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In a stunning verdict, the Supreme Court has tossed out a patent because it is a software patent, ruling that “merely requiring generic computer implementation fails to transform that abstract idea into a patent-eligible invention” — that is, adding “with a computer” doesn’t make a new patentable invention. This is seismic, and not just because of what it says about whether software is patentable in America, but because of how it escalates the turf war between the Supreme Court and the Federal Circuit, which is the nation’s “patent court.”
Read more @ Boing Boing.
On September 23rd, Yoga International broke the news that they (among others) had received a cease-and-desist letter from another website which also offers yoga videos for streaming (soon revealed to be YogaGlo). It turns out, that YogaGlo had filed a patent application for their method of filming online yoga classes, and that some of YI’s early content fell under the broad description in the patent application:
“…instructor at the head of the classroom with live-participants arranged between the instructor and the camera with a direct line of sight between the camera and the instructor allowing for the viewer participant to have unobstructed views while simultaneously allowing for the viewer participant to have live participants in the periphery, as if the viewer was attending a live class.”
Read the full article @ YogaInternational.com.
A major new patent bill, passed in a 117-4 vote by New Zealand’s Parliament after five years of debate, has banned software patents.
The relevant clause of the patent bill actually states that a computer program is “not an invention.” Some have suggested that was a way to get around the wording of the TRIPS intellectual property treaty, which requires patents to be “available for any inventions, whether products or processes, in all fields of technology.”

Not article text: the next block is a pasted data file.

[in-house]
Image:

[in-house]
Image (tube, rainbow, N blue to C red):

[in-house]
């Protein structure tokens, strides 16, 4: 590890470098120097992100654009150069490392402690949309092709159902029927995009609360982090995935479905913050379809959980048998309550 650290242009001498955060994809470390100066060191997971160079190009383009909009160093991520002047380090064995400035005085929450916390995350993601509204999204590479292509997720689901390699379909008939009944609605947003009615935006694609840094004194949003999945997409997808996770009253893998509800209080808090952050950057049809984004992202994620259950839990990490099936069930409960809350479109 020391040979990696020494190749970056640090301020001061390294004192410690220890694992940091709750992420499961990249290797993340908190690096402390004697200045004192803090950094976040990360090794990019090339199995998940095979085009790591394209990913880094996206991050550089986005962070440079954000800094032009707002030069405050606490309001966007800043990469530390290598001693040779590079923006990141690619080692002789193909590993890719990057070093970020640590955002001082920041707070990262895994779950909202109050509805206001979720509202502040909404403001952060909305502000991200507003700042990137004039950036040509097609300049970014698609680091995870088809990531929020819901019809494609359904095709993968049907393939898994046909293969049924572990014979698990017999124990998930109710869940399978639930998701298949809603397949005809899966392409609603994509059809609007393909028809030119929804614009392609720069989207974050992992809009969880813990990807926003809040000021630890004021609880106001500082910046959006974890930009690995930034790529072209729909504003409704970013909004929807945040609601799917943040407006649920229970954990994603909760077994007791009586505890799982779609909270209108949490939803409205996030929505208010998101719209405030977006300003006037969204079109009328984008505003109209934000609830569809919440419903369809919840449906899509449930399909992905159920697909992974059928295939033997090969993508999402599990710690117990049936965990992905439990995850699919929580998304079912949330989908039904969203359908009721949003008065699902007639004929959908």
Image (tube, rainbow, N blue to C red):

Processes will still be patentable if the computer program is merely a way of implementing a patentable process. But patent claims that cover computer programs “as such” will not be allowed.
Read the full article @ Ars Technica.
The Supreme Court long ago ruled that an inventor who discovers a phenomenon in nature, or figures out a “law of nature,” cannot get an exclusive right to use or sell that by obtaining a patent from the federal government. Natural phenomena are the basic tools with which every would-be inventor starts, so locking up the right to use them in a monopoly held by a specific patent owner will frustrate others who might want to look for new ways to interpret that phenomena, the Court has said.
The exclusion of natural substances from eligibility for patents was the theory on which the Court relied Thursday in its unanimous ruling that a company cannot get a patent monopoly on the use and study of human genes that it isolates in the bloodstream, and them takes them out — without changing their natural character — for research.
Read the full article on the amazing SCOTUS Blog.
On this week’s episode of This American Life:
Two years ago, we did a program about a mysterious business in Texas that threatens companies with lawsuits for violating its patents. But the world of patent lawsuits is so secretive, there were basic questions we could not answer. Now we can. And we get a glimpse why people say our patent system may be discouraging, not encouraging, innovation.